District inspectors nationwide
District Inspectors are appointed by the Ministry of Health under the 1992 Act to watch patient’s rights and ensure that the rights of the individual are respected and upheld. Safeguarding the rights of people detained for compulsory psychiatric treatment. The Role of the District Inspectors Final Report.
Guidelines for the Role and Function of District Inspectors appointed under the Mental Health (Compulsory Assessment and Treatment) Act 1992. I consider the key to the District Inspector role is building and maintaining positive and appropriate working relationships with patients, staff, and families of varying background and cultures. These relationships, together with those with fellow District Inspectors, the Director and Deputy Director of Mental Health, review tribunal and local police and courts, form the basis of all of the work carried out by District Inspectors. It is the attitude of District Inspectors, as well as their knowledge and skills, which helps ensure that the use of the legislation strikes the right balance between individual and community rights to freedom and to care appropriate to the needs of people suffering from mental disorder.
These guidelines are not a comprehensive interpretation of the Act as it applies to District Inspectors. If District Inspectors have concerns about the propriety of their actions they should seek guidance from the senior advisory District Inspector, or formal legal advice from the Ministry of Health via the Director of Mental Health.
Karen O Poutasi (Dr) Director-General of Health
Mental health compulsory assessment & treatment Atc 1992 (NZ)
(1992) is “an Act to define the circumstances in which and the conditions under which persons may be subjected to compulsory psychiatric assessment and treatment, to define the rights of such persons and to provide better protection for those rights.”
Making Complaints – A Guide For Mental Health Service Users (NZ)
This guide can help you make a complaint about a service or treatment that you, a friend or family member have received for a mental health issue. It also explains what you can do if you are not happy about the way you are dealt with because you experience mental health issues. It outlines the complaints services available, the types of complaints they handle and how to contact them.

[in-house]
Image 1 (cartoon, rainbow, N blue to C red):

Age Concern New Zealand (NZ) – Age Concern He Manaakitanga Kaumatua works for the rights and well-being of older people, koroua and kuia. We inform and advocate, and provide services through a federation of Age Concern councils across New Zealand. We are a not-for-profit charitable incorporated society.
Children’s Commissioner (NZ) – The Children’s Commissioner speaks out on behalf of all children and young people to ensure their rights are respected and upheld.
Health & Disability Commissioner (NZ) – The Health and Disability Commissioner is an independent agency set up to: promote and protect the rights of consumers who use health and disability services help resolve problems between consumers and providers of health and disability services.
Like Minds, Like Mine (NZ) – Like Minds, Like Mine is a public health funded project to reduce the stigma of mental illness and the discrimination that people with experience of mental illness face everyday in the community. This website provides information and resources on the project, looks at who is involved and how you can contribute to creating a nation that values and includes people with mental illness.
Youthlaw – Tino Rangatiratanga Taitamariki (NZ) – Youthlaw Tino Rangatiratanga Taitamariki is a community law centre for children and young people throughout Aotearoa / New Zealand. The aim of this site is to provide access to information about how the law can help you to overcome issues that may be affecting you. We hope that this site will encourage you to learn more about your rights.